The Pentagon has demanded that WikiLeaks hand over a new stash of 15,000 new documents relating to the war in Afghanistan, and called on the whistle-blowing site to remove all classified information already posted.
In a press briefing, Defense Department spokesman Geoff Morrell demanded that the site cancel the release of the 15,000 as-yet-unpublished documents
"We are asking them to do the right thing," he told reporters.
Morrell denied that the Pentagon had been in contact with WikiLeaks over a request by the site for help in reviewing the new documents so that any content which might endanger lives might be safely redacted.
"We're not looking to have a conversation about harm minimisation," Mr Morrell said.
"We're looking to have a conversation about how to get these perilous documents off the website as soon as possible, return them to their rightful owners and expunge them from their records."
The denial is in direct contradiction of a statement made on Wednesday by WikiLeaks spokesman Daniel Schmitt.
Morrell went on to say that statements on WikiLeaks' website constitutes a "brazen solicitation to US government officials, including our military, to break the law."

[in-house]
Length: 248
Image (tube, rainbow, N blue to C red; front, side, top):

WikiLeaks responded by calling Morrell "obnoxious". On its official Twitter feed, the site described Morrell's demand as coming close to a "formal threat".
The site remained in defiant mood this morning, with a post on its Twitter feed reading: "We are examining the Pentagon's 'request' and will issue a statement in due course."
Pressure has mounted on WikiLeaks since it released a first batch of documents concerning the Afghanistan war on 25 July. US government sabre-rattling led to an offer of secure hosting from Sweden's Pirate Party, in the event of the site's existing host being forced to pull its pages down.
US Defense Secretary Robert Gates and the US military's highest officer, Admiral Mike Mullen, have claimed that the leak has put innocent civilian lives in jeopardy.
Further speculation as to the site's future has been sparked by the appearance of a 1.4GB file labelled 'insurance' on its servers.